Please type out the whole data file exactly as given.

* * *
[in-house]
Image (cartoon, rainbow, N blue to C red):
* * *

[in-house]
Image (cartoon, rainbow, N blue to C red):